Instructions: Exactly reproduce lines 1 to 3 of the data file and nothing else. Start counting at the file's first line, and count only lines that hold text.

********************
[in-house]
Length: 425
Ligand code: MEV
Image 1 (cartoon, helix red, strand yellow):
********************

[in-house]
Length: 425
Ligand code: MEV